After spending about an hour and a half bobbing around the rocks, we headed back to lunch.  And then it was off to the beach of Isla San Francisco.  We rode the zodiacs to the beach and there we jumped onto kayaks and paddled around the water for about 40 minutes and then headed back to the ship to relieve ourselves, change our clothes, don our orange life jackets, jump back onto the zodiac and return to shore for an evening barbecue on the beach.  The weather was warm, not hot.  The sand was sandy.  There were blue “lawn” chairs organized into about 5 rows and formed into a big circle.  A fire was in the center of the circle.  We were greeted with mango margaritas, wine, beer.  And the party began.  Just before we ate I remarked to the Rayman that we would have to eat on our knees.  At which he exclaimed, “My knees?   How on earth do they expect us to do that?”.  Have I mentioned before how literal the Rayman can be?  At times, he is astonishingly literal.  This was one of those times.  

 

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But I digress.

After dinner, we were treated to a fabulous sunset.  I am not sure how it could have been any better.   Oh, wait.  I do know.  As we were eating and imbibing, a lone pelican swam up to us and came on shore.  It was soon apparent that it had a broken wing.  Very sad.  Nothing could be done.  Some people offered food (chicken that had been cooked) but it couldn’t get it down.  Used to slimmy fish, I’m guessing.  My heart went out to the pelican and it made us all sad.  

Because of the cloud cover moving in, we elected to be on the first zodiac back to the boat.  Many remained to stargaze but, that didn’t seem likely.  So, here we are back in our cabin enjoying some downtime.  

 

My computer.

My computer.

A few diversions.  The people on the tour are all very interesting and different and from all the over the U.S. with a few from Canada and England.  The love of nature is the tide that binds us together and our interests cuts through to the core and allows us to interact easily.  The first few conversations were, “where are you from?”, “what do or did you do?”,  “is this your first NatGeo trip?”, “do you have children/grandchildren”.  Later as the trip progressed the conversations involved what we had done that day, what animals/birds/fish/mammals did we see”.  It has been great to be around such bright and interesting people.  I may be repeating myself but it does bear repeating.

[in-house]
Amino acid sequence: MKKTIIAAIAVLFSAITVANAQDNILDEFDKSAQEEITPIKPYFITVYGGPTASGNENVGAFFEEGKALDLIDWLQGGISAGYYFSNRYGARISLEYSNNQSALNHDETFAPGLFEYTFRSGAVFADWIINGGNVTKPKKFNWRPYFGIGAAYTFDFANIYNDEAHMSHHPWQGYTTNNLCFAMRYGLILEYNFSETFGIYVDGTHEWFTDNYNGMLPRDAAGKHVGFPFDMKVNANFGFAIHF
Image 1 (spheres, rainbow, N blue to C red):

Not sure what is on the agenda tomorrow but it will be our last full day on the ship with organized activities.  We will end the cruise as we started, disembarking at La Paz, clamoring onto a bus, repeating the drive to the airport and flying back to LAX on Friday.  

Upon arriving back, I plan to add pictures to the posts and post my blogs in one fell swoop.

It’s been a great adventure and it has wetted my appetite, and Rayman’s too to do a few more nature trips.  The world we find ourselves in is full of wonderous animals, insects, mammals, geology, plants and list goes on and on.  Need to see more of it.  It’s a trip!!

The crew made a video of the some of the highlights which included a slideshow of pictures the passengers took.  If you would like to see it, let us know!!  I only want to share vacation pictures with those that like that sort of thing.  Having said that, it is very entertaining.  Much better than my slideshows of previous trips.  Times 100.  Just sayin.

Now Hear This

National Geographic and Lindblad have teamed up to create a nature lover’s perfect cruise.

We embarked yesterday evening after killing the day in La Paz with a lunch on a patio (Italian food), a visit to the Serpentario, and a bus ride north to the ship (30 minute drive).  What immediately sticks out in the part of the Baja are the cacti which look like Saguaro, but aren’t.  Let’s call them cousins to the southwestern AZ cacti.  They are Cardon cacti.  They grow everywhere.  Palo Verde trees are prevalent as well.  The desert looks likes, drum roll please, desert.  Except in the lower part of Baja on the Pacific.  There is an area west of a very large mountain that gets more rain than anyplace else and it enjoyed a green tinge.